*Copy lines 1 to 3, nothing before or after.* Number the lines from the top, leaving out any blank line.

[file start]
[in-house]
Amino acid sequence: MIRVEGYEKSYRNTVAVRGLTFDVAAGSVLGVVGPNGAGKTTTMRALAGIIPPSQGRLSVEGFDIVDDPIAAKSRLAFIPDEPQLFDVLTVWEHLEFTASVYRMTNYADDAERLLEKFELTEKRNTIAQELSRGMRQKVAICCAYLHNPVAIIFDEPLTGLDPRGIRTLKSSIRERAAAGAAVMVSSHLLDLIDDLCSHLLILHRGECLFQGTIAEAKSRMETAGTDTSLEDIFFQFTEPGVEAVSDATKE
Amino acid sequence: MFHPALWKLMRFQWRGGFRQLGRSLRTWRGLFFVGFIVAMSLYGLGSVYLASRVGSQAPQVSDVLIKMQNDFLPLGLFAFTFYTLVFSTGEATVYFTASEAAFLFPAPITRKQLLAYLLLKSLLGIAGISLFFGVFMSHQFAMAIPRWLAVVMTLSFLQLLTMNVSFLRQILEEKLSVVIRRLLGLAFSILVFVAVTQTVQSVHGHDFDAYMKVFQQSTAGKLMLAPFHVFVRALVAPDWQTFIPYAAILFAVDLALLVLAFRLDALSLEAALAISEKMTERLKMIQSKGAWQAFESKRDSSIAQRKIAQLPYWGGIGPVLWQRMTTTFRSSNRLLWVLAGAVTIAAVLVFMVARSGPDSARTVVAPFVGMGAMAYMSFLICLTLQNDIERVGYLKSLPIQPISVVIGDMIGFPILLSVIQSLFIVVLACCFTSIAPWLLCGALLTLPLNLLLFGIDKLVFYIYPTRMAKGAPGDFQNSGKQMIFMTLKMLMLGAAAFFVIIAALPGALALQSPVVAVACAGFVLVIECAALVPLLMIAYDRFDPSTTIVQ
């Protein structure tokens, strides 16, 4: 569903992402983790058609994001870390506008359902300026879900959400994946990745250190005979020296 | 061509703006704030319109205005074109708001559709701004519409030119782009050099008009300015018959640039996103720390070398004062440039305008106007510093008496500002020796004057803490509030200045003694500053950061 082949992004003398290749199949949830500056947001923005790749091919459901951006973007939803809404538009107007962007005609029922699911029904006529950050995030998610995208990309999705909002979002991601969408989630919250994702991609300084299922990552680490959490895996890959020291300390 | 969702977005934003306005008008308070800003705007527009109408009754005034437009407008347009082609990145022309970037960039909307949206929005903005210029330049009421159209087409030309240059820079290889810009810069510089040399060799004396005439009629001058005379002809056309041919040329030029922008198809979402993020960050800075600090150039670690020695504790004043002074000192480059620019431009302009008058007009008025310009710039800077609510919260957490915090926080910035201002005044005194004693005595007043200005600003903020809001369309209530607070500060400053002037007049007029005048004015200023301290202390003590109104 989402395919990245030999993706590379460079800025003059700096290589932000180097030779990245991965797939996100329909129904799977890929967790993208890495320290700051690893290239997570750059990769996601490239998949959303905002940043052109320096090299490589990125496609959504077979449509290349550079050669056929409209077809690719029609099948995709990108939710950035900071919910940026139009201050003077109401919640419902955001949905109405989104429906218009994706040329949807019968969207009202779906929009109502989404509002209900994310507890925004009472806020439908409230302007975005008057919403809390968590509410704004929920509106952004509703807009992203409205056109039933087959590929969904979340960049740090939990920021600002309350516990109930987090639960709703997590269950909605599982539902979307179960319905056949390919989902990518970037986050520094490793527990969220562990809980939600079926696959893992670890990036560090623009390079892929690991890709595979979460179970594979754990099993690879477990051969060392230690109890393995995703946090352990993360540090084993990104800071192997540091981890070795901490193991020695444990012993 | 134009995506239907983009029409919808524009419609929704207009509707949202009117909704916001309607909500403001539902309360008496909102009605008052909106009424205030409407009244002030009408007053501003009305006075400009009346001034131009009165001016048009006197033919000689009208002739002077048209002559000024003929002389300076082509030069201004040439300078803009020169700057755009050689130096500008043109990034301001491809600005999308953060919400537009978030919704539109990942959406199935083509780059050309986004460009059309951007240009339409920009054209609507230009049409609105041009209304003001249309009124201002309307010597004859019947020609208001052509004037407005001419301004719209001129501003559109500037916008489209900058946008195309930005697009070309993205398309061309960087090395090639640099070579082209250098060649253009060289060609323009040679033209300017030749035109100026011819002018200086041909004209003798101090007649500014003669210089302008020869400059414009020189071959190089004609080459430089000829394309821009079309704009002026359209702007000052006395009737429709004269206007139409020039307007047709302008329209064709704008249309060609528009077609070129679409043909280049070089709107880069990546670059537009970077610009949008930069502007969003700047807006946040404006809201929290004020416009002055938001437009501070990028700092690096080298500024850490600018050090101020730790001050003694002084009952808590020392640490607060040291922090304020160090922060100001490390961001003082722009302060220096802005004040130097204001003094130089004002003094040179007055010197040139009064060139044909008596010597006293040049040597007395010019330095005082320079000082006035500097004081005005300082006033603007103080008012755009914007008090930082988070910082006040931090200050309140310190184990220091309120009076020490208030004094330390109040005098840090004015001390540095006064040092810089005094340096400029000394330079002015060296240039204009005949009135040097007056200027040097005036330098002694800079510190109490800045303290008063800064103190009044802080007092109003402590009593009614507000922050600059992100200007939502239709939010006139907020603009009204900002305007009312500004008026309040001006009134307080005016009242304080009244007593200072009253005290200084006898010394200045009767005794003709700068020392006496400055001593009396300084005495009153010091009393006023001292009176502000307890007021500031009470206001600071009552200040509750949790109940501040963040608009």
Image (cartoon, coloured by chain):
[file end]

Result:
[in-house]
Amino acid sequence: MIRVEGYEKSYRNTVAVRGLTFDVAAGSVLGVVGPNGAGKTTTMRALAGIIPPSQGRLSVEGFDIVDDPIAAKSRLAFIPDEPQLFDVLTVWEHLEFTASVYRMTNYADDAERLLEKFELTEKRNTIAQELSRGMRQKVAICCAYLHNPVAIIFDEPLTGLDPRGIRTLKSSIRERAAAGAAVMVSSHLLDLIDDLCSHLLILHRGECLFQGTIAEAKSRMETAGTDTSLEDIFFQFTEPGVEAVSDATKE
Amino acid sequence: MFHPALWKLMRFQWRGGFRQLGRSLRTWRGLFFVGFIVAMSLYGLGSVYLASRVGSQAPQVSDVLIKMQNDFLPLGLFAFTFYTLVFSTGEATVYFTASEAAFLFPAPITRKQLLAYLLLKSLLGIAGISLFFGVFMSHQFAMAIPRWLAVVMTLSFLQLLTMNVSFLRQILEEKLSVVIRRLLGLAFSILVFVAVTQTVQSVHGHDFDAYMKVFQQSTAGKLMLAPFHVFVRALVAPDWQTFIPYAAILFAVDLALLVLAFRLDALSLEAALAISEKMTERLKMIQSKGAWQAFESKRDSSIAQRKIAQLPYWGGIGPVLWQRMTTTFRSSNRLLWVLAGAVTIAAVLVFMVARSGPDSARTVVAPFVGMGAMAYMSFLICLTLQNDIERVGYLKSLPIQPISVVIGDMIGFPILLSVIQSLFIVVLACCFTSIAPWLLCGALLTLPLNLLLFGIDKLVFYIYPTRMAKGAPGDFQNSGKQMIFMTLKMLMLGAAAFFVIIAALPGALALQSPVVAVACAGFVLVIECAALVPLLMIAYDRFDPSTTIVQ